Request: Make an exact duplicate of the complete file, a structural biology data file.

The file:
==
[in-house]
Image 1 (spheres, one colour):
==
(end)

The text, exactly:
[in-house]
Image 1 (spheres, one colour):